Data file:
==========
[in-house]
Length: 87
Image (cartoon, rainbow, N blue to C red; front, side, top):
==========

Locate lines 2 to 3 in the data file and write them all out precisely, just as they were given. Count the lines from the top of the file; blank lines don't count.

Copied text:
Length: 87
Image (cartoon, rainbow, N blue to C red; front, side, top):